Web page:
Florida Sen. Bill Nelson accused of political opportunism in wake of Osama bin Laden’s death

Amanda Carey Contributor
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Democratic Senator Bill Nelson of Florida, while discussing a voting bill in his home state, took the opportunity to tie in the death of Osama bin Laden.

Nelson commented that if Republican lawmakers in Florida succeed with a voting bill currently making its way through the state legislature, the very same military members who helped kill bin Laden could be kept from voting.

“Should we deny those very military that carried out this very successful decapitating of the Al Qaeda snake, should we deny them because they have signed their voter registration card in a different than they signed their absentee ballot overseas?” said Nelson. Those comments did not go unnoticed by state lawmakers or national and local media, who have been largely critical of the remarks.

When contacted by The Daily Caller, Dan McLaughlin, spokesperson for Nelson, dismissed the coverage of the Senator’s remarks as being from “political partisans and extremists.”

“Such remarks are intended to deflect attention from the fact that the voting bill in Florida is widely acknowledged to be a conniving way to restrict access to lots of Floridians,” said McLaughlin.

When asked to clarify the comments, McLaughlin simply said the senator “contrasted having Americans fighting for the democratic rights of people in other countries to the efforts in Florida to restrict one of the most basic rights – one person, one vote.”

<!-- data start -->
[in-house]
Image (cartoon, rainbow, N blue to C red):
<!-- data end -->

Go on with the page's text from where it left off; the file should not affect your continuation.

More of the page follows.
Among other things, the bill in question contains a requirement that absentee ballots be signed in the same way as voter registration cards. For Republicans, the measure cracks down on voter abuse. For Democrats, it restricts voting rights.

Nelson went on to compare the fight for democracy against terrorism to the fight for democracy by voting down the bill.

“Now in an effort of 10 years, ever since Sept. 11, 2001, protecting our democracy, protecting us from those that would do harm and who provide this protection because our democracy is unique, we find ourselves gathered in our Capitol city of this state again here to protect our democracy,” said Nelson. “Now we are here for another reason of protecting our democracy and that is to keep the right to vote.”

Florida Republicans almost immediately pounced on Nelson’s comments.  Dave Bitner, Republican Party of Florida chairman, House Majority Leader Carlos Lopez-Cantera, and Senate President Mike Haridopolos all condemned the comments and demanded an apology.

Haridopolos, who is a candidate in the Republican Senatorial primary to challenge Nelson in 2012, accused the senator of “comparing pending legislation to a terrorist organization that has killed thousands of people.”